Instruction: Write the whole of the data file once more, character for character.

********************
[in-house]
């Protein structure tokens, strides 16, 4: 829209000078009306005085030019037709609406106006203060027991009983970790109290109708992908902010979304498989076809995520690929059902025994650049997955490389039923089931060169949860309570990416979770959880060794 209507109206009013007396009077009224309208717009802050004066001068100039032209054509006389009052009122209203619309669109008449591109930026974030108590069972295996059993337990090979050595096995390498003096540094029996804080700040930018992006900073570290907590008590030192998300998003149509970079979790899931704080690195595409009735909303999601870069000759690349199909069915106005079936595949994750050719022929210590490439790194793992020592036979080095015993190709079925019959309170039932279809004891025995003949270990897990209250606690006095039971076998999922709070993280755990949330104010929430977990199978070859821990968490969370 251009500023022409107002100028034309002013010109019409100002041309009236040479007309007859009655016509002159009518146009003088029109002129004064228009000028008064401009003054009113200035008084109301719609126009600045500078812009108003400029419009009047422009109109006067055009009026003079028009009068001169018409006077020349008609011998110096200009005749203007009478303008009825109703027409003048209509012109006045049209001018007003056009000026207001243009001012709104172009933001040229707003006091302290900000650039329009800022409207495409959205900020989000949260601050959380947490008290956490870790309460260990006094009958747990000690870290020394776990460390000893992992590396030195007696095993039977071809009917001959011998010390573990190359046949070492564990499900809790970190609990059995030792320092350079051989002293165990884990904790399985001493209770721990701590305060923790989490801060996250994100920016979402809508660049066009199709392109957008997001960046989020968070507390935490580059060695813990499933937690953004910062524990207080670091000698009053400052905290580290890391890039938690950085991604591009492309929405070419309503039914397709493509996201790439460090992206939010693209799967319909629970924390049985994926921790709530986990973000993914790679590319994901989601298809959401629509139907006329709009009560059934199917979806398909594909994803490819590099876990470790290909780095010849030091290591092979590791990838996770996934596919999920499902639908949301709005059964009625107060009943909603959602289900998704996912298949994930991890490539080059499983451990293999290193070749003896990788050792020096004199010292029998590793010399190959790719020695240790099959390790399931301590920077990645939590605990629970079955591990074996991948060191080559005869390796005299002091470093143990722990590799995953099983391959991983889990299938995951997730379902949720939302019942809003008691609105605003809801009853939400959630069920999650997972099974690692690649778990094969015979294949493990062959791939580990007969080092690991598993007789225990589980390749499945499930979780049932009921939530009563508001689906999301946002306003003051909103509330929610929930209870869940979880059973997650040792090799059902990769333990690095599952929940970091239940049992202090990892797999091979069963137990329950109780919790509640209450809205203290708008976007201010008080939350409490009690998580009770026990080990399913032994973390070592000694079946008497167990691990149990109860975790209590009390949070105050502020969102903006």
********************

[in-house]
């Protein structure tokens, strides 16, 4: 829209000078009306005085030019037709609406106006203060027991009983970790109290109708992908902010979304498989076809995520690929059902025994650049997955490389039923089931060169949860309570990416979770959880060794 209507109206009013007396009077009224309208717009802050004066001068100039032209054509006389009052009122209203619309669109008449591109930026974030108590069972295996059993337990090979050595096995390498003096540094029996804080700040930018992006900073570290907590008590030192998300998003149509970079979790899931704080690195595409009735909303999601870069000759690349199909069915106005079936595949994750050719022929210590490439790194793992020592036979080095015993190709079925019959309170039932279809004891025995003949270990897990209250606690006095039971076998999922709070993280755990949330104010929430977990199978070859821990968490969370 251009500023022409107002100028034309002013010109019409100002041309009236040479007309007859009655016509002159009518146009003088029109002129004064228009000028008064401009003054009113200035008084109301719609126009600045500078812009108003400029419009009047422009109109006067055009009026003079028009009068001169018409006077020349008609011998110096200009005749203007009478303008009825109703027409003048209509012109006045049209001018007003056009000026207001243009001012709104172009933001040229707003006091302290900000650039329009800022409207495409959205900020989000949260601050959380947490008290956490870790309460260990006094009958747990000690870290020394776990460390000893992992590396030195007696095993039977071809009917001959011998010390573990190359046949070492564990499900809790970190609990059995030792320092350079051989002293165990884990904790399985001493209770721990701590305060923790989490801060996250994100920016979402809508660049066009199709392109957008997001960046989020968070507390935490580059060695813990499933937690953004910062524990207080670091000698009053400052905290580290890391890039938690950085991604591009492309929405070419309503039914397709493509996201790439460090992206939010693209799967319909629970924390049985994926921790709530986990973000993914790679590319994901989601298809959401629509139907006329709009009560059934199917979806398909594909994803490819590099876990470790290909780095010849030091290591092979590791990838996770996934596919999920499902639908949301709005059964009625107060009943909603959602289900998704996912298949994930991890490539080059499983451990293999290193070749003896990788050792020096004199010292029998590793010399190959790719020695240790099959390790399931301590920077990645939590605990629970079955591990074996991948060191080559005869390796005299002091470093143990722990590799995953099983391959991983889990299938995951997730379902949720939302019942809003008691609105605003809801009853939400959630069920999650997972099974690692690649778990094969015979294949493990062959791939580990007969080092690991598993007789225990589980390749499945499930979780049932009921939530009563508001689906999301946002306003003051909103509330929610929930209870869940979880059973997650040792090799059902990769333990690095599952929940970091239940049992202090990892797999091979069963137990329950109780919790509640209450809205203290708008976007201010008080939350409490009690998580009770026990080990399913032994973390070592000694079946008497167990691990149990109860975790209590009390949070105050502020969102903006």